Here are 7 different ways to teach children morals that will last a lifetime.
Earlier this week, I heard the story of a Texas high school lacrosse player who jumped the line to get a better seat during the boarding of his team’s flight. When his coach found out about his player’s cut in front of others, he asked flight officials if he could use the moment to teach his player a lesson. The coach had flight attendants call the line jumper to the front of the plane to issue a formal apology. The teen took the embarrassing punishment well, saying, “My coaches taught me a valuable lesson in life in a very creative way. Just be patient.”
Coaches and parents have a responsibility to help kids grow morally as well as physically. And that goes double for us as leaders and volunteers in children’s ministry. According to the Barna Institute, the moral development of children is complete by age 9. Kids have already set in their minds what’s right and wrong, and the majority of their spiritual identity has been set. So how can we best mold our kids’ moral mindsets before it’s too late? Here are 7 easy things to keep in mind to help you teach morals to children.
7 Ways to Teach Children Morals That’ll Last a Lifetime
1. Teachable moments.
Lessons are OK, but when you can teach kids about morals in real-life situations, the message will stick. When an opportunity presents itself, don’t worry about following your lesson plan; go with the flow and talk to your kids about morals.
2. Moral model.
Give yourself a moral check-up and see if you are setting a good example for your kids. Then spend time with your kids outside of “lesson time.” Let them see you and your good morals in various situations. Have a gym? Play basketball with your kids and let them see you taking turns and cheering on other players.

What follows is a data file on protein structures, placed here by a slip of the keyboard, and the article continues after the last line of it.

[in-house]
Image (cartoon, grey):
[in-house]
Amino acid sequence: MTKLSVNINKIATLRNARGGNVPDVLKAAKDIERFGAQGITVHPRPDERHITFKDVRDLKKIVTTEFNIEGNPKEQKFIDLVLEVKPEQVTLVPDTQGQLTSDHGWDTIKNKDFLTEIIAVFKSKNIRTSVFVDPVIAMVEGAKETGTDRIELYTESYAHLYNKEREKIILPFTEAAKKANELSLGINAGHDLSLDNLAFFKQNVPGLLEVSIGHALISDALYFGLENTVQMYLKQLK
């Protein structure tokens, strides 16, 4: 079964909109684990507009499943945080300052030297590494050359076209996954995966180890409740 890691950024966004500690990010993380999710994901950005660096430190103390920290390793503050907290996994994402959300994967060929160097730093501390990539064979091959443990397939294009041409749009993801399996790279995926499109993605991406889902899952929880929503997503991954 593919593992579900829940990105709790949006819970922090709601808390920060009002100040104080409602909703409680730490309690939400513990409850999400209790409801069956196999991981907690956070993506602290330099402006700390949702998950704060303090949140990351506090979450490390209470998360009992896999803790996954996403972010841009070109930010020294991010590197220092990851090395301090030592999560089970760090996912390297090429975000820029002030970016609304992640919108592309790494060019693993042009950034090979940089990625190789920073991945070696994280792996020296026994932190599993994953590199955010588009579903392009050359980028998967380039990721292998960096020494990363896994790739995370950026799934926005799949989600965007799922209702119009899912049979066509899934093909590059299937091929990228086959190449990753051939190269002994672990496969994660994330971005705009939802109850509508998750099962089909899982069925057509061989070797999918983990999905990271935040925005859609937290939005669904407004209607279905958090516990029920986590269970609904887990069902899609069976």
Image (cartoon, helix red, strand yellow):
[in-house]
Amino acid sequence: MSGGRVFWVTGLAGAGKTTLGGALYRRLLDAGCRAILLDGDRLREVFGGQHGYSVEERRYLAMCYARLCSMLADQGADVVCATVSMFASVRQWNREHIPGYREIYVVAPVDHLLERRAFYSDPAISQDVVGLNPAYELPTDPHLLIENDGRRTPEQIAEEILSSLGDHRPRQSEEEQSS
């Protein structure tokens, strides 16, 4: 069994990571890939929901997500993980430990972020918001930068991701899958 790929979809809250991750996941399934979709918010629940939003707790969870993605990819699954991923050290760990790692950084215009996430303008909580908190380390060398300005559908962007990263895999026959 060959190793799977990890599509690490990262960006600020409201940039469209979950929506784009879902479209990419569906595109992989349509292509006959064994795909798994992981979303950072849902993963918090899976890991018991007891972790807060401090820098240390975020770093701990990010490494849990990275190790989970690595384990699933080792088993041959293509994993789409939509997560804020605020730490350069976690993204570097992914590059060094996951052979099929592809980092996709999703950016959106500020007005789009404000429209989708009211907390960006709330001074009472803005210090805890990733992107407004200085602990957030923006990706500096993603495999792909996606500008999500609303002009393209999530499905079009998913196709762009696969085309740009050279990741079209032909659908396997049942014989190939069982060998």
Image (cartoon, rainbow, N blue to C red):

3. Make guidelines.
At my old church, we had a gym, and in it we had a sign of rules to obey. In other churches, I have seen similar “classroom rules” posted. Why don’t we do that with morals? Make a sign and verbally tell kids what moral rules to live by. Things like: “Always cheer for others, even if they aren’t the same team” or “Always tell the truth, no matter how hard it can be” or “Have the courage to do what’s right.”
4. Other kids.
Make a list of morals or traits that you want your kids to have-things like compassion, citizenship, truthfulness, and accountability. Then go online and find stories of kids that demonstrated those traits. Give your kids examples of others their age that are making a difference and doing good in the world.
5. Change punishments.
The coaches of the lacrosse player didn’t want to embarrass their player for the fun of it. They wanted to teach the teen a lesson that he wouldn’t forget and that would make him a better person. When an opportunity comes, don’t punish or shame your kid. Come up with an idea to let the child learn and make amends. Have a child who steals a snack? Don’t just get on to them and take their snack away. Let them help make snacks the next week and then serve it to others before they enjoy it. Just remember, don’t shame your kids into behaving differently, and always give them chances to change.
6. Story time.
In a blog post earlier this month about lying, I talked about Dr.Victoria Talwar’s research on kids and why they fib. One part of the research suggests that when kids hear stories where the hero learns to tell the truth (think George Washington and the cherry tree), they are more likely to tell the truth themselves. Other studies agree that kids remember the moral lessons taught in stories. You could point out moral lessons from the newest movie or talk about the classic ethics taught from Aesop’s fables. Anything kids read or watch can be used to open the door to a moral conversation.
7. Bible study.
Of course, if you’re looking for stories to use to teach kids right from wrong, nothing beats the Bible. Try this: tell kids about a time you had a hard decision to make, a moral dilemma. Then explain how you used (or could have used) the Bible to help you out.
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